Student Health Services promotes National Condom Day

Love it, hate it or love it too much, Valentine’s Day is coming and with it, the sex drive of many students will be in overdrive.

Vanessa Flores, a 23-year-old liberal studies major, sold condom-roses this week at a small booth by the Liberal Arts buildings on upper campus. The condoms sell for $2 for five roses, and each flower is composed of a bundle of condoms that are arranged in colorful rose shapes.

Flores said that making people feel comfortable about safe sex might make them more likely to use condoms.

“Some people still feel like this is taboo,” Flores said. “We are here to have people feel more comfortable.”

In anticipation of the day of love, California State University, Long Beach celebrated National Condom Day on Thursday to promote responsible sexual behavior and STI awareness.

Christina Goldpaint, a health educator working for the SHS, said that the department’s goal for National Condom Day is to pass out condoms and teach students about “effective sexual health.”

“The most common STIs on campus are HPV, herpes and chlamydia,” Goldpaint said.

Goldpaint said that SHS is handing out as many as 400 condoms to students for free on Thursday in an attempt to prevent the spread of infections. SHS hosted the event at Maxson Plaza from 11 a.m. until 2 p.m. SHS set up educational booths featuring informative panels, educational games and a prize wheel.

The goal was to provide students with the information and tools they need in order to have a safe Valentine’s night, Goldpaint said. College-aged men and women, specifically those between the ages of 15 and 24, contract the highest rates of STIs in the country, according to the Center for Disease Control.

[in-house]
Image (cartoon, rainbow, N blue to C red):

Across the nation, the rates for certain STIs like chlamydia have gone down slightly between 2012 and 2013. Syphilis is on the rise however, with a 10 percent increase in new cases in that same period, according to the CDC.

Gay and bisexual men are especially at risk for certain diseases such as syphilis, according to the CDC. SHS set up a panel to reach out to the LGBT community at the event on Thursday.

“Two of our peer educators are working on a sexual [educational] program for LGBT students,” Goldpaint said.

National Condom Day often uses humor and creative activities in order to reach out to students.

One booth in particular had students attempt to put condoms on while wearing beer goggles in order to simulate the difficult task of practicing safe sex while intoxicated.

“Alcohol and drugs decrease the effectiveness of condoms because it impairs the ability to use it properly,” Goldpaint said.

SHS provides reproductive information and free condoms daily to all students.

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